If Baby Does 10 Of These 20 Things, Mom Is Overfeeding

We may all have different definitions of wellness or what health means to us, but it’s a pretty much universal truth that there’s an ideal type of adorable baby out there. I don’t mean personality or how well they sleep through the night (although there’s an obvious winner in that category). I’m talking all aesthetics.

People love pudgy babies. I'm talking chubby legs, chubby arms, and cheeks for days. The Michelin Man is more or less the ideal baby. Just poofy rolls that are so perfectly chubby in a way no adult can ever achieve. Anyway, despite our wishes for children to be nice and plump in their formative months, a newborn can become overfed. Some think it's especially easy when they’re being breastfed since that’s not measured out in the same way as a bottle.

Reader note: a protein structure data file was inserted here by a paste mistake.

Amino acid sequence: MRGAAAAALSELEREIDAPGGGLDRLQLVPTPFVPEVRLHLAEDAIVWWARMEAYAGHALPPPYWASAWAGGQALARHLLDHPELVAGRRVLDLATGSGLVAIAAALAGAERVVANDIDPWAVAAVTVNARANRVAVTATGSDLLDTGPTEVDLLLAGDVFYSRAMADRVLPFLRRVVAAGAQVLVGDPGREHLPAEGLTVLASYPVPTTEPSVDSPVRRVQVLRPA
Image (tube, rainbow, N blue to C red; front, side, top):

Of course, there are also huge pros for breastfeeding — quantity is just a consideration to take into mind. Anyway, just as a thick baby isn’t necessarily overfed, a more slight baby isn't necessarily underfed. It’s all about signs and clues and context. Good thing we rounded up the biggest giveaways of an overfed infant! If these seem familiar, it’s just an issue with a pretty simple solution.

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20 Baby Has A Lot Of Gas

It’s not as sweet smelling as the top of a baby’s head, but it shouldn’t necessarily be super ripe or all that frequent. Near-constant easiness in an infant is typically a sign of overfeeding because the baby is swallowing air during feedings, which causes abdominal discomfort and gas. Swallowing air might happen if the baby is feeding too quickly or if they’re not being fed properly. Adults and children are able to recognize stomach upset and tell others what they’re experiencing, but of course, an infant can’t. If there’s regularly odors but the diaper is empty, it could be an excess of gas.

19 And Spits Up Frequently